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Finding new weapons to fight flu

Posted by Allison Gerrard on August 6, 2014 in News

Dalhousie Medical School researchers have discovered a potential new treatment for influenza A – the virus responsible for flu pandemics.

By studying the way the virus interacts with infected cells, Drs. Craig McCormick and Denys Khaperskyy found that pateamine A, a natural product derived from the New Zealand marine sponge, was able to effectively block influenza virus infection.

“Over time, circulating influenza strains mutate and develop resistance to both Tamiflu and amantadine – two antivirals used clinically against influenza,” says Dr. Khaperskyy, research associate in the Department of Microbiology & Immunology. “Viruses evolve rapidly and in the absence of a universal flu vaccine, the research into new antivirals capable of blocking influenza becomes very important.”

“Treatment of influenza-infected cells with pateamine A stopped the infection in its tracks.”

Natural immunity

Through previous infection or vaccination, our immune systems recognize influenza viruses and limit their ability to cause a full-blown infection. But because flu viruses change every year, our immune systems are constantly being challenged to identify new strains.

In addition, our bodies have a first line of defense against infection; it’s known as innate immunity. Drs. Khaperskyy and McCormick are studying our innate defenses against viruses. They found that one of the mechanisms of antiviral defense involves the creation of structures inside our cells that trap viruses and prevent them from multiplying. These traps are called stress granules, and influenza is very good at preventing these stress granule traps from forming.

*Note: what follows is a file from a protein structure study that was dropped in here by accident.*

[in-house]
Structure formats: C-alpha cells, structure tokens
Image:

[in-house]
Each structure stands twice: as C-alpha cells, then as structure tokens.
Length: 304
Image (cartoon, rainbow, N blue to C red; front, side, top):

“Influenza viruses are so successful because they are good at undermining our immune defenses. We need new ways to bolster these defenses,” says Dr. Craig McCormick, associate professor in the Department of Microbiology and Microbiology.

Potential new antiviral

Influenza viruses have very small genomes that only encode twelve proteins, but these proteins are remarkably efficient at undermining host defenses and turning infected cells into factories for the production of new viruses.

Drs. Khaperskyy and McCormick found that three of these twelve viral proteins can block formation of antiviral stress granules. When any of these three viral proteins were disabled, they observed that the influenza virus could no longer stop stress granules from forming; the cell was able to trap the virus and keep the infection from progressing.

“The dedication of so much of the viral genome to control of stress granules suggests that they normally play a very important role in antagonizing viral infection. This opens up a possibility that stress-granule inducing drugs like pateamine A may be used as effective antivirals,” explains Dr. McCormick.

“To thrive, viruses are absolutely dependent on host cells. And Pateamine A creates an inhospitable environment for the virus inside these host cells.”

Yearly influenza epidemics can seriously affect all populations – especially young children and those over 65. Annual flu epidemics result in up to five million cases of severe illness and 500,000 deaths worldwide.